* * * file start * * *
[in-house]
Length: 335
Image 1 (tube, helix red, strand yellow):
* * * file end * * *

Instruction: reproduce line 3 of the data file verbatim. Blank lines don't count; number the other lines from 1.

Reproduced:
Image 1 (tube, helix red, strand yellow):